Life shrouds most choices in mystery. Some people inch toward a comfortable enough spot and stick close to that rewarding status quo. Out to dinner, they order the usual. Others consider their options systematically or randomly. But many choose to grapple with the uncertainty head on. "Explorers" order the special because they aren't sure they'll like it. It's a strategy of maximizing rewards by discovering whether as yet unexplored options might yield better returns. In a new study, Brown University researchers show that such explorers use a specific part of their brain to calculate the relative uncertainty of their choices, while non-explorers do not.
The study, published in the journal Neuron, newly exposes an aspect of the brain's architecture for producing decisions and learning, said co-author David Badre, assistant professor of cognitive, linguistic, and psychological sciences at Brown. There was no consensus that a precise area of the prefrontal cortex, in this case the right rostrolateral prefrontal cortex, would be so clearly associated with a specific operation, such as performing the requisite uncertainty comparison for supporting a decision-making strategy.
"There has long been a debate about the functional organization of the frontal cortex," Badre said. "There has been a notion that the frontal lobe lacks specialization when exercising cognitive control, that it's undifferentiated. This study provides evidence that there is a kind of organization. This is an example of how higher-order functions such as decision-making may relate to the frontal lobe's more general functional architecture."
Stop the clock
To spot explorer behavior among their 15 participants, Badre and Michael Frank, associate professor of cognitive, linguistic, and psychological sciences, slid them into an MRI scanner and presented them with a game to play. Participants had to stop the sweeping hand of a virtual clock to win points in different rounds. They were told that they could maximize their rewards by responding quickly in some rounds, and slowly in others. The trick is they did not know round-to-round which response prevailed, and the number of points they could win was highly variable. They therefore had to employ a strategy to discover how to maximize their rewards among uncertain options, keeping track of the current expected value of fast and slow responses in each round.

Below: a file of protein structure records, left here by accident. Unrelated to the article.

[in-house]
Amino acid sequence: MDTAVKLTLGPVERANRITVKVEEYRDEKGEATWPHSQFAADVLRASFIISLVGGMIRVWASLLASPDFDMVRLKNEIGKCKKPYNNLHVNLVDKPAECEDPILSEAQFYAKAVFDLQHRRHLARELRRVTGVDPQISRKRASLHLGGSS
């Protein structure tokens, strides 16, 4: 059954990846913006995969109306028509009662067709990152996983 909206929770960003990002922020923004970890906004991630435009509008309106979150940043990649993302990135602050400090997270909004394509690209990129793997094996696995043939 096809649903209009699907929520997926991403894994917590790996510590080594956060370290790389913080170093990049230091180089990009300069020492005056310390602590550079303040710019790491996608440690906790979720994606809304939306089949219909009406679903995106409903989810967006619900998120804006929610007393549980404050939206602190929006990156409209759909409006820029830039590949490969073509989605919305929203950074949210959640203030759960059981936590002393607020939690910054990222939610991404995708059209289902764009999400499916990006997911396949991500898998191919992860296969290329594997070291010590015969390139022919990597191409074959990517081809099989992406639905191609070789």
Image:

While the MRI scanner tracked the blood flow in the brains of the subjects a proxy for neural activity the game's software tracked their response times in each round. The computer then fed the game's data into mathematical models devised to determine whether participants adapted their response times by taking relative uncertainty into account or adapted in another manner.
Over dozens of rounds a clear pattern emerged. Regardless of which version of the model they used, the researchers found that about half the subjects were engaging in exploratory behavior based on uncertainty: Their choices of response times correlated strongly with the choices that had the greatest outcome uncertainty.
Badre, Frank, and their team then looked at the MRI scans, reasoning that if decision-making is based on relative uncertainty, then the subjects' brains must somehow represent this uncertainty. Sure enough, as relative uncertainty between choice options increased, so did activation in the right rostrolateral prefrontal cortex. This effect was substantially stronger in the explorers than the nonexplorers.
The result is the first to show that this region of the brain keeps track of relative uncertainty to guide exploration, but is consistent with previous studies that have shown an association between the right rostrolateral prefrontal cortex and relative comparisons. It also provides a potential explanation for Frank's previous findings that explorers were more likely to have a variation in a gene called COMT that affects dopamine levels in the prefrontal cortex.
From cortex to choice
Frank said researchers still don't know why some people employ the explorer strategy while others do not, but they might not be so different. According to one hypothesis, they all have an aversion to uncertainty and ambiguity.
"The difference could be that some people are averse to ambiguity in the time point where they make a single decision and other people are averse to ambiguity about their strategy over the long run," Frank said.
In other words, explorers may seek to reduce uncertainty by confronting it, rather than avoiding it.
Badre said that while the study has no direct clinical implications, the findings may still inform efforts to understand a broad set of disorders that affect frontal lobe function.
"There are a lot of diseases and disorders that affect the frontal lobes," Badre said. "They affect the ability to live independently, to carry out the day and make good decisions that get you where you want to go. The more we know about the specificity of these systems, the better that you can diagnose and suggest treatments."